3 stars Before their fabulous sohpomore release "Cuentos Para Dormir', Chilean band Ábrete Gandul has a different line-up and bore a different musical direction, mostly signalled by the peculiar vision of guitarist-vocalist Doctor Octava. His eclectic melting pot of hard rock, semi-Crimsonian prog, psychedelia, pop and fusion was the focal point of the repertoire wefind in "¿Bichos = Dichos?", and the singing style showed a tota laccord with it - humorous, satyrical, funny in a surrealistic manner. In perspective, this work is not that cohesive, but it certainly reveals a boldness to expand the language of rock and enough talent to see it through with a convincing degree of success. The eponymous track opens up the album as some sort of light-hearted Primus: that is, a motif developed between comedy and cabaret moods, which is performed with a Crimsonian twist and whose lyrics deconstruct popular proverbs. I interpret this as a counter-cultural manifesto, but well, that's just me. 'Quiero Apagarte' is a pop ballad bathed in bluesy perfurmes - the final expansion finds teh band goign to jazzy realms, adding some ethereal sonorities while at it. 'Hay que Volver a los Chinos' is the first version of a track that will reappear in the second album: this first version doesn't bear as much power, but it surely displays a clever mixture of jazz- rock and psychedelia, as inherently demanded by the track's own compositional nucleus. 'Gracias Niños' returns to the humorous debuachery that had prior been exposed in the opener, delivering a sort of Zappaesque ambiences through a mostly poppish basis. A similar thing we will find later on 'Alarmadilla', albeit with a more complex set of mood and rhythm shifts. 'Estamos de Suerte' is more focused on decidedly progressive realms, bearing a confluence of psychedelia, avant-garde jazz and free-form: the flute is featured notably, contributing mainly pastoral sounds a-la Van Leer while the lead guitar states Barrett-like spacey flows. Wow!! 'Quiero Apagarte' returns as a live rendition, with a more muscular vibe. 'Procesión' is another example of the progressive element that the band would eventually emphasize more deeply: in the context of this debut album, 'Procesión' offers a challenging mixture of space-rock and free-jazz in a very distturbing way (and I mean it in a positive way). Just when the whole ensemble sets a recognizable framework, the track's mood becomes ethereal and lyrical - it is a pity that this song isn't longer. La Matadera' closes down the album on a melancholic note, as if teh singer feared a fatal end: indeed, it is an efefctive elegy. This is how this album ends: it is a work full of surprises, interesting variations, a work full of appealing promises of prog rock that ultimately were capitalized by the band for their second release... but that is a mater for another review.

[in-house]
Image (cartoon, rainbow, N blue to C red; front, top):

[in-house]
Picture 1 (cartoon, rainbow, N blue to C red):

Report this review (#236974)
Posted Thursday, September 3, 2009 | Review Permalink
2 stars The debut album which includes every species of birds and every species of fish.

A wildly eclectic mix, this debut album from Abrete Gandul. A band whose second album rightly is highly regarded. But that was after a major revamp of their lineup. A lineup mostly not present on this album, their debut album.

The first thing that really hits me is the very annoying in-your-face vocals. The vocalist is a good vocalist, but he uses his voice totally wrong on this album and his partly yodeling, hysterical vocals is far too prominent in the mix. It is really hard to look past this vocals and it is hard to take this album seriously with vocals like that. When even the half at sleep office cat here gets an expression of total terror in his face and makes a run for the door, you get the picture. Me too want to do a runner.

....... Which is a pity because there is a lot to enjoy if you can get past the vocals. Some flutes, a lot of good half-accoustic guitars and some excellent bass and drums. That's on the latter part of the album and well after the listener has given up on this album. There are also a lot of avant-garde jazz here too. Music wise, I get the feeling that there is several different albums within this album. The band does not have any focus and tries to cram in too much in one album. Which is not too unusual in debut albums from South America, I have noted. Pop and avant-garde jazz does not mix on one album.

Hence, this is not a quality product. It goes from great to the lowest lows in a matter of a few minutes. And I have problems looking past the vocals. Hence my verdict.

2 stars

Report this review (#487758)
Posted Thursday, July 21, 2011 | Review Permalink